Barclays Scores ‘Major Victory’ Over the SFO

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Charges brought by the Serious Fraud Office against Barclays were recently dismissed. Below Dominic Carman, noted legal commentator, discusses the implications for the SFO.

More bad news for the UK’s Serious Fraud Office – this time in relation to its five-year investigation into Barclays Bank and its refinancing during the global financial crisis. This protracted investigation had resulted in the first and only set of charges to be brought by the SFO against a bank for its conduct during the crisis. But the case has hit the buffers, somewhat dramatically, after the judge at Southwark Crown Court dismissed the charges. The Financial Times commented: ‘Barclays has scored a major victory over the Serious Fraud Office.’

The court dismissed two charges against Barclays Plc of conspiring with former senior officers and employees of Barclays to commit fraud by false representations relating to agreements entered into with Qatar Holding. Further charges of unlawful financial assistance against both Barclays Plc and Barclays Bank Plc were also dismissed.

These charges stretch back to the events of a decade ago when Britain’s banking system was on the precipice. Following the collapse of Lehmans in September 2008, Royal Bank of Scotland and Lloyds Banking Group had resorted to taxpayer bailouts as the UK government was forced to pay billions of pounds to prop up the country’s biggest lenders which had to be nationalised. However, Barclays managed to avoid this fate by undertaking an emergency fundraising of £7.3bn from Qatari and Abu Dhabi investors – private cash injections secured by the bank in a desperate bid to avoid nationalisation.

In a written statement to the London Stock Exchange following the recent court ruling, Barclays confirmed that charges against the company of conspiring to commit fraud by misrepresentation in relation to this refinancing had been dropped. Other charges were also dropped by the court, namely that Barclays had acted illegally in lending money to Qatari investors at the same time as they were buying shares in the bank.

In June 2017, the SFO had charged Barclays Plc and four individuals with conspiracy to commit fraud and the provision of unlawful financial assistance contrary to the Companies Act 1985. This February, the SFO outlined further charges, namely that Barclays had provided “unlawful financial assistance” in relation to its raising of £4.5bn in June 2008 and a further £7.3bn that October from Qatari investors. The SFO alleged that Barclays lent money to these investors in order to buy Barclays shares, and that other payments made were not disclosed to the market – an arrangement that obviated the need for a government bailout. Under the Companies Act, it is unlawful for banks to lend money to themselves.

Separately, the four individuals (all former Barclays bankers) – former CEO John Varley, and senior executives Roger Jenkins, Tom Kalaris and Richard Boath – face a charge of conspiracy to commit fraud by false representation in relation to their negotiation of the Barclays capital injection from Qatar. Their trial is scheduled to begin next January.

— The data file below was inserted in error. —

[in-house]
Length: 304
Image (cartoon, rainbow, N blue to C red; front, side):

For Barclays Bank, the court’s decision is a significant victory; for the SFO it is yet another disaster. “We are likely to seek to reinstate the charges by applying to the High Court,” an SFO spokesman said in response to the news. Given that the investigation has been underway for five years, it is incomprehensible that the SFO could not deliver its legal argument to the court without sufficient information to support its case to the satisfaction of the judge in the first place.

After the decision, Barclays conceded in a statement that the SFO was “likely to seek to reinstate these charges by applying to a High Court judge to re-commence proceedings via a new indictment of the same charges”. The SFO can still bring a voluntary bill of indictment against Barclays: an uncommon legal process where fresh charges against the bank must be approved by the High Court.

But the judge’s decision nevertheless points to systemic incompetence within the SFO. Without a permanent director following the departure of David Green in April, it continues to be rudderless. Hickman and rose partner, Andrew Katzen, commented: “The SFO’s most high profile prosecution has fallen at the first hurdle, but Barclays isn’t off the hook yet. The SFO is almost certain to seek to continue the prosecution by applying to the High Court to issue what is called a voluntary bill of indictment. Nevertheless, the ruling makes for an inauspicious start for the prosecutor as it awaits its new director.”

That new director – widely touted to be Lisa Osofsky – has still not been confirmed nearly two months after David Green’s departure. Indeed, no announcement of any kind about the new permanent SFO director has been made. Instead, there has been total silence. Exactly why the Attorney General, Jeremy Wright, has not been in a position to say anything is in itself extraordinary. Continued uncertainty can only add to increased speculation that the SFO has no future in its current form.

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